1st Samuel 1:5-6
1st Samuel 3:19-20
The objection may be raised, "Why then do we have to pray, if God is Sovereign and will do according to His will anyway?" And indeed, this is a very good question. And the answer is twofold.
First, because God told us to pray to the father for what we need. Thus, He wants us to have communion with Him this way. God is all knowing and infinite, while we know only in part and are finite. We don't have to understand His counsel, but know it is for our good and are obedient to it. God knows and He instructs, and we obey without question, because we are His servants not His questioners or counselors.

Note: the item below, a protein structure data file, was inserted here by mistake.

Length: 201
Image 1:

Second, it is because we are not only growing ourselves in praying, but we are the tools that God uses to get His work done. Whether God intends that work of prayer to be in us, or in others whom we pray for, He ordained prayer to be the vessel of changing things. Thus the prayer of the elect is always meaningful and effectual because it is in our petition that His will shall be done. And make no mistake, it brings about intangible, internal, spiritual benefits and growth for the petitioner, even when the petition is denied. All the good that we receive from God have their source from beyond human agency. And as the vessels of mercy that God before has prepared unto glory, our prayer is part of that preparation in our walk in this world. Our prayer in repentance in seeking Him, or in petitioning on behalf of others, produces change in us as we submit to accept the outcome. For benevolence and prayer go hand in hand, even as Love of God aligns with love of our neighbors even as ourselves (Galatians 5:14). For if we truly love our neighbor, we will desire for them the same gift of salvation as we ourselves have been granted. A noble prayer that is taken perfectly before the throne, is according to the will of God.